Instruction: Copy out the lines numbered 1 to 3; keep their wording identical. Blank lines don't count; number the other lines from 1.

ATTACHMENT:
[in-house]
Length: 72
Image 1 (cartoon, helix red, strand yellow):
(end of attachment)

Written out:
[in-house]
Length: 72
Image 1 (cartoon, helix red, strand yellow):